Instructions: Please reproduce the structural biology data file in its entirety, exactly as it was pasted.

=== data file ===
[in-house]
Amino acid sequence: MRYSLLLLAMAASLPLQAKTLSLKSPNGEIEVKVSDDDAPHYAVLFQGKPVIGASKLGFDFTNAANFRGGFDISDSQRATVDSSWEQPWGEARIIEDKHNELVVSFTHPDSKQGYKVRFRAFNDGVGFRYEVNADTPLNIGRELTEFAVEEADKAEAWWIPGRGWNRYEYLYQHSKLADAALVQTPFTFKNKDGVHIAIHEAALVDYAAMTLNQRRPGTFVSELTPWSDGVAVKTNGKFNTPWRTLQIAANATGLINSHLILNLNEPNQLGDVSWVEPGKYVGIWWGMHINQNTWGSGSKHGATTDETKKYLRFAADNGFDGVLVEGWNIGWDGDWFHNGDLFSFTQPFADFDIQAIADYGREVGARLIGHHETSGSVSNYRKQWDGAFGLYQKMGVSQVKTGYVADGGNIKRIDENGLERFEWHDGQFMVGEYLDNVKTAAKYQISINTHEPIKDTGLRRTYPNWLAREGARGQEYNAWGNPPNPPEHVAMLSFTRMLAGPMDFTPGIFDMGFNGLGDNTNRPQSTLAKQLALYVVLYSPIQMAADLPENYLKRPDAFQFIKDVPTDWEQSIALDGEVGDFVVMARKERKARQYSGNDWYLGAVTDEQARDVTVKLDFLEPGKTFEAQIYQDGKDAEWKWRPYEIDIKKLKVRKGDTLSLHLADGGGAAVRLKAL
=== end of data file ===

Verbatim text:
[in-house]
Amino acid sequence: MRYSLLLLAMAASLPLQAKTLSLKSPNGEIEVKVSDDDAPHYAVLFQGKPVIGASKLGFDFTNAANFRGGFDISDSQRATVDSSWEQPWGEARIIEDKHNELVVSFTHPDSKQGYKVRFRAFNDGVGFRYEVNADTPLNIGRELTEFAVEEADKAEAWWIPGRGWNRYEYLYQHSKLADAALVQTPFTFKNKDGVHIAIHEAALVDYAAMTLNQRRPGTFVSELTPWSDGVAVKTNGKFNTPWRTLQIAANATGLINSHLILNLNEPNQLGDVSWVEPGKYVGIWWGMHINQNTWGSGSKHGATTDETKKYLRFAADNGFDGVLVEGWNIGWDGDWFHNGDLFSFTQPFADFDIQAIADYGREVGARLIGHHETSGSVSNYRKQWDGAFGLYQKMGVSQVKTGYVADGGNIKRIDENGLERFEWHDGQFMVGEYLDNVKTAAKYQISINTHEPIKDTGLRRTYPNWLAREGARGQEYNAWGNPPNPPEHVAMLSFTRMLAGPMDFTPGIFDMGFNGLGDNTNRPQSTLAKQLALYVVLYSPIQMAADLPENYLKRPDAFQFIKDVPTDWEQSIALDGEVGDFVVMARKERKARQYSGNDWYLGAVTDEQARDVTVKLDFLEPGKTFEAQIYQDGKDAEWKWRPYEIDIKKLKVRKGDTLSLHLADGGGAAVRLKAL